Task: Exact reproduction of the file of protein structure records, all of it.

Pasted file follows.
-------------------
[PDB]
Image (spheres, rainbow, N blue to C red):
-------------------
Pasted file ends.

[PDB]
Image (spheres, rainbow, N blue to C red):